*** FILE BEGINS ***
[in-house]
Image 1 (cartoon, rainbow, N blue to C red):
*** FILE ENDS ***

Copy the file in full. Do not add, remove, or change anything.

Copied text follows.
[in-house]
Image 1 (cartoon, rainbow, N blue to C red):